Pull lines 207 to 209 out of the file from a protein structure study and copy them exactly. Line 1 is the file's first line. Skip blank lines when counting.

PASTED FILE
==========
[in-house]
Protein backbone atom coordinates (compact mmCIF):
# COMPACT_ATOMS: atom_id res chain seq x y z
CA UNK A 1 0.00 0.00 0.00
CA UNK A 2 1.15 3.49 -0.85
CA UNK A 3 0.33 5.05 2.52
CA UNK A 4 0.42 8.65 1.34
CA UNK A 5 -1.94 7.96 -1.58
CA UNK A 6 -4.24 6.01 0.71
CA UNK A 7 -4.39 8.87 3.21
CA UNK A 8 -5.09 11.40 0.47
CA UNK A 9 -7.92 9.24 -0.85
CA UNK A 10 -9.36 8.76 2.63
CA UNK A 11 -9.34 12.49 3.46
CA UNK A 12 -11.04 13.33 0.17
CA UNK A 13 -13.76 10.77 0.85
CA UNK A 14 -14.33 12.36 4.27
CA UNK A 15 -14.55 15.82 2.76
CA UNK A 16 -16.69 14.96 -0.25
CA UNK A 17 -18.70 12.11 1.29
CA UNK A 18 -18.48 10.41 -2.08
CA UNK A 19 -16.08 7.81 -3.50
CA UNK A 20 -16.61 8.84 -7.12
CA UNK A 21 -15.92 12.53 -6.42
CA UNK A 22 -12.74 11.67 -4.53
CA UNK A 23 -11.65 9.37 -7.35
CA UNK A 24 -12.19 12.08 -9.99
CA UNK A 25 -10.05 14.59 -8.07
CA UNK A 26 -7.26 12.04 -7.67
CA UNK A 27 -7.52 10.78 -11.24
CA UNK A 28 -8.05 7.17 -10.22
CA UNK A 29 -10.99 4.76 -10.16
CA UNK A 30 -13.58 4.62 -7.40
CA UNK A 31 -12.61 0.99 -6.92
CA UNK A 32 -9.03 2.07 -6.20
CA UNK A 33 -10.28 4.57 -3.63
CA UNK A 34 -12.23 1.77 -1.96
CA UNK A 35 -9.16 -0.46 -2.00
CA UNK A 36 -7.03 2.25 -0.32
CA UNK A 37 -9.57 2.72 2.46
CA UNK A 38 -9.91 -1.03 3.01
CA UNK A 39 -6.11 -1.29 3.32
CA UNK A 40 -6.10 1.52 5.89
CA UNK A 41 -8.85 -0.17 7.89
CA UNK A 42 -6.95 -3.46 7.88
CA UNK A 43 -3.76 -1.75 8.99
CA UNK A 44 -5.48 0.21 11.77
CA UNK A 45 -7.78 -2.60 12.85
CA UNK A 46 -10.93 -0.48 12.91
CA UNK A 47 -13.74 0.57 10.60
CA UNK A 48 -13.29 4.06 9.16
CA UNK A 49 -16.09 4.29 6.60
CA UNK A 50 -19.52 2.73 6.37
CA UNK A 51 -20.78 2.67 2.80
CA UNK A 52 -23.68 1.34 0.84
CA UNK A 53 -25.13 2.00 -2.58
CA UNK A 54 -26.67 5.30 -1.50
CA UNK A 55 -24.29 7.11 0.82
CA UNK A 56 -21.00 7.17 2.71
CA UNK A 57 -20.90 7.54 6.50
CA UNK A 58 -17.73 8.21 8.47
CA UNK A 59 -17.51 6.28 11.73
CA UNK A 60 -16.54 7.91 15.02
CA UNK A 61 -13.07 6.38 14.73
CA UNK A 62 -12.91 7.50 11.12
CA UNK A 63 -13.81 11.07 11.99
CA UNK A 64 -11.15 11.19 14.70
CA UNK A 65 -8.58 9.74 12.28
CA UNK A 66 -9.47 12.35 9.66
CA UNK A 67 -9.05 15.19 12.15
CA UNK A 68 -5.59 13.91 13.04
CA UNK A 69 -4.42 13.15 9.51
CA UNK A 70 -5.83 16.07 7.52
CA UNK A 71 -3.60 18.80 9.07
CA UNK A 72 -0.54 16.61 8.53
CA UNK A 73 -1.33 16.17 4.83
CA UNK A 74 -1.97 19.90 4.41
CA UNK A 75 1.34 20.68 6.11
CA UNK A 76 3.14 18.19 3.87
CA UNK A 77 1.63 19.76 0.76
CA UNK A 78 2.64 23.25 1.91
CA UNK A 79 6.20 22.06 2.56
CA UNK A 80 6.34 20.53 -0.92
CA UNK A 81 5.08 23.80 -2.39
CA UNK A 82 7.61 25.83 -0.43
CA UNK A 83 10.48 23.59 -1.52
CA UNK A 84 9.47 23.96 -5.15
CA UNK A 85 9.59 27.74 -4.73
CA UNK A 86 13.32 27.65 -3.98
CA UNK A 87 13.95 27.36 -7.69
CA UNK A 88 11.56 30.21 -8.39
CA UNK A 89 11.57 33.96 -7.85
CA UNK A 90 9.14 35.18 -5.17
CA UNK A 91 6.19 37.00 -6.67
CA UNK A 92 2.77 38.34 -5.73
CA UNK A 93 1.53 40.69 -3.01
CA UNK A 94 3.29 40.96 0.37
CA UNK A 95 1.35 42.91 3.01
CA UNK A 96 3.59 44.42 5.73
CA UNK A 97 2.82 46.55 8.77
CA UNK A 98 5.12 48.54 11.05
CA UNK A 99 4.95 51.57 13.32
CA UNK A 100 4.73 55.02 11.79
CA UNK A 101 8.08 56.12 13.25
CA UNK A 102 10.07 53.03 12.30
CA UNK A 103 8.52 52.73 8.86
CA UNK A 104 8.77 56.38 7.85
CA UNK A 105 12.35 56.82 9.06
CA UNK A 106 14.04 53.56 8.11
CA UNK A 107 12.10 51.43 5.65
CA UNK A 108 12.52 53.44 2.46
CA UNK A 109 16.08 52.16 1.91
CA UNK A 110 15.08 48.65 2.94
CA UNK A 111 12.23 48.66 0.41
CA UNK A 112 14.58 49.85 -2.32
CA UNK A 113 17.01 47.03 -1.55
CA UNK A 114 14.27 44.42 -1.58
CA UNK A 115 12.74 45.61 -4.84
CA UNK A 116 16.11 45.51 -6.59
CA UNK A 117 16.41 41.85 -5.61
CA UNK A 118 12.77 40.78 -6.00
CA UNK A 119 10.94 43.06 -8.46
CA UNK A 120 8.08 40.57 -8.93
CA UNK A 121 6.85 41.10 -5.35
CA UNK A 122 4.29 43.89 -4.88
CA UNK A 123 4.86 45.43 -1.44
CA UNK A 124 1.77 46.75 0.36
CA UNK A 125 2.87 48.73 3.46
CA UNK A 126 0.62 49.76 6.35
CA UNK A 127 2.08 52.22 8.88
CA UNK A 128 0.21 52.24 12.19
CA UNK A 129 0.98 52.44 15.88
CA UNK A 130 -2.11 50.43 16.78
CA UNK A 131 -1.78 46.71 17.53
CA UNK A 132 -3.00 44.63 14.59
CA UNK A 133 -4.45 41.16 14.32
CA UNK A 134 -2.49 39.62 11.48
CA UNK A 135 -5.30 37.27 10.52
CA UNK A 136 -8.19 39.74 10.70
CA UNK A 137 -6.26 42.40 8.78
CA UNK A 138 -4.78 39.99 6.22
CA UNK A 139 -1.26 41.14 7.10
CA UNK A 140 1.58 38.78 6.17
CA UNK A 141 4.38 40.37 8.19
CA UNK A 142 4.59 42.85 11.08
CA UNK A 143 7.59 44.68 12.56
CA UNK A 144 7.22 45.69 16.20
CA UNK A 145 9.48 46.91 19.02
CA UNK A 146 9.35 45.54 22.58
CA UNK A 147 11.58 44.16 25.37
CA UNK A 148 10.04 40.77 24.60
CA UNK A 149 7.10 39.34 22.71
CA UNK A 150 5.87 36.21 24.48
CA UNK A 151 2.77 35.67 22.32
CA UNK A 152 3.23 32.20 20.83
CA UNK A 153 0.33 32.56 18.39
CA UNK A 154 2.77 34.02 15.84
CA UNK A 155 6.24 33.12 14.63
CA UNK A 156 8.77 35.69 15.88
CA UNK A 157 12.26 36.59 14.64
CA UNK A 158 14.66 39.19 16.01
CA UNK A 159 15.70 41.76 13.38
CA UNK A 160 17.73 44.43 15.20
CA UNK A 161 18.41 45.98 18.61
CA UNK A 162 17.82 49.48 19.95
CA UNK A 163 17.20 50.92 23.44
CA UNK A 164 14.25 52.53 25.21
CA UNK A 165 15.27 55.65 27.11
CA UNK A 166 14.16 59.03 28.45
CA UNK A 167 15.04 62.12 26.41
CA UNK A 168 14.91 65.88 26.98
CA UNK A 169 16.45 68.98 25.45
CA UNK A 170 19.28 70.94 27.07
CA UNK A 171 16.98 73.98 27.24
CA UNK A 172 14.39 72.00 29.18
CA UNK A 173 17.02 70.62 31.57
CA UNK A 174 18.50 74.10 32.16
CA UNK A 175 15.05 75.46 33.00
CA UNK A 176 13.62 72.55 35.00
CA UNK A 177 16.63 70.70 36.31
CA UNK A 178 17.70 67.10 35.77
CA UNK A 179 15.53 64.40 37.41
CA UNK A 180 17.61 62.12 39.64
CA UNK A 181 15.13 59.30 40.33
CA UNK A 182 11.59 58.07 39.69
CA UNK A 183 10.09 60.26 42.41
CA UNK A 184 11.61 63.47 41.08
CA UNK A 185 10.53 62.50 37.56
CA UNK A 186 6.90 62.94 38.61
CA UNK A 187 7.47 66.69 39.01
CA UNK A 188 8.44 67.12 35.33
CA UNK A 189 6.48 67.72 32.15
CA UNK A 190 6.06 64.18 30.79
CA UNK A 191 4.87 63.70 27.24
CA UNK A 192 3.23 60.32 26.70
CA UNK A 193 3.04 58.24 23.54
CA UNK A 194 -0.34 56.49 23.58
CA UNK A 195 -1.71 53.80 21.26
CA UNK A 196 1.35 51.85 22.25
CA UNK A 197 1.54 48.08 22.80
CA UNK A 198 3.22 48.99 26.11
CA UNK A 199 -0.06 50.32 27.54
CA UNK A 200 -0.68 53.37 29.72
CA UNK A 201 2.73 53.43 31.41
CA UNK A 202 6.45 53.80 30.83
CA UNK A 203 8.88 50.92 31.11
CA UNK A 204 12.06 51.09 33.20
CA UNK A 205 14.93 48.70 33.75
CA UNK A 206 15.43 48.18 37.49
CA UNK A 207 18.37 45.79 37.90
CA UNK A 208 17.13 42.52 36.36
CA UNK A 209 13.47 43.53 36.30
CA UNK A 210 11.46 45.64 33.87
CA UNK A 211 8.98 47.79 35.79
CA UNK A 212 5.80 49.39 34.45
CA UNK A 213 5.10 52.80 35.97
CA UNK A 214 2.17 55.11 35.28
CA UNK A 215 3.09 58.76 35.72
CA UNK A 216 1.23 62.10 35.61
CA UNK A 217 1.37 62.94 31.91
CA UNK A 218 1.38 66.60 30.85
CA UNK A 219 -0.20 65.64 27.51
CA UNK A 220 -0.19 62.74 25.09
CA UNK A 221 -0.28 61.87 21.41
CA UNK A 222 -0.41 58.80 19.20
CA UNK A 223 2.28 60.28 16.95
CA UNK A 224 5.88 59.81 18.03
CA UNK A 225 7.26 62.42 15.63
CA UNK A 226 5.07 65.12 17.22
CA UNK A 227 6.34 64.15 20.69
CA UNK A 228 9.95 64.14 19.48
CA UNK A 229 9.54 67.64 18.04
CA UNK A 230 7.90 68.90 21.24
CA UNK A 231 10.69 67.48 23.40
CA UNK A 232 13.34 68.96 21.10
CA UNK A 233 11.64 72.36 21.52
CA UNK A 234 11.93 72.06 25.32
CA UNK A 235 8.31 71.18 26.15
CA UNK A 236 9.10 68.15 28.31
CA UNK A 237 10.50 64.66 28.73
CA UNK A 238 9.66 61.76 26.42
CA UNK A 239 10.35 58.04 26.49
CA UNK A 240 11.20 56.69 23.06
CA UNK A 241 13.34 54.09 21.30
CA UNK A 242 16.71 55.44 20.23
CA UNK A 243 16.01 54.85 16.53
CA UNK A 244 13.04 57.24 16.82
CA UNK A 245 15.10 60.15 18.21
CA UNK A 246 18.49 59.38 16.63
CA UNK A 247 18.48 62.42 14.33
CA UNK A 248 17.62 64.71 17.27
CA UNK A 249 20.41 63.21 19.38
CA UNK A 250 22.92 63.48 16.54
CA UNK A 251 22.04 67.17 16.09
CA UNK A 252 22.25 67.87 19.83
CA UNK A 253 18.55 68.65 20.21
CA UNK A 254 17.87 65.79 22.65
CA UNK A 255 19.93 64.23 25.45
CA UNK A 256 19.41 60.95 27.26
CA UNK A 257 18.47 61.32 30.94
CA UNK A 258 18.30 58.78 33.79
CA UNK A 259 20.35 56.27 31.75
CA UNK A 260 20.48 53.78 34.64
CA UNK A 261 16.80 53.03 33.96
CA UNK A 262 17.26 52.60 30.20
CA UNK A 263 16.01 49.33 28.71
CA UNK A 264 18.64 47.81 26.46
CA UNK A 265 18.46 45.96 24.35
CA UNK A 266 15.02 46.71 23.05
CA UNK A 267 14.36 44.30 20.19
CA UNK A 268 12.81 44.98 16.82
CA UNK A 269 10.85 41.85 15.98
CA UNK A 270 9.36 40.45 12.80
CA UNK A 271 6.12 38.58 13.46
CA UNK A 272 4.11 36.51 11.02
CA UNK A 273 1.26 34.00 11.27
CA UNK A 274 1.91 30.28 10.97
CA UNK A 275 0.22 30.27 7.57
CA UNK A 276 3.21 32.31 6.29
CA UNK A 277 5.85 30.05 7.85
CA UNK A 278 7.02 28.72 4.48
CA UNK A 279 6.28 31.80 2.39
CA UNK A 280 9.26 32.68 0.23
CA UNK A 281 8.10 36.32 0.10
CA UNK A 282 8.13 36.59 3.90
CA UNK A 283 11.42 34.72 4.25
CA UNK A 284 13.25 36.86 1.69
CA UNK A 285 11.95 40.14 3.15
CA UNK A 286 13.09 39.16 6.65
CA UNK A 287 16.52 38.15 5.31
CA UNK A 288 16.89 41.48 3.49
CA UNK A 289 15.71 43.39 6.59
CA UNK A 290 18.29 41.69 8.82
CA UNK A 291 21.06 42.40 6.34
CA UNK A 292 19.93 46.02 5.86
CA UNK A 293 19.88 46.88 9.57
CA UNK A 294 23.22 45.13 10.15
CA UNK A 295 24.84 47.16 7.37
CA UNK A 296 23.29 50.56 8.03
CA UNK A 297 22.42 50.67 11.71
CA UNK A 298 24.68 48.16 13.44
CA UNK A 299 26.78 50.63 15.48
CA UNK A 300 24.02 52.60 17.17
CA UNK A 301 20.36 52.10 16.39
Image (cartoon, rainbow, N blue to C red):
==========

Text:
CA UNK A 204 12.06 51.09 33.20
CA UNK A 205 14.93 48.70 33.75
CA UNK A 206 15.43 48.18 37.49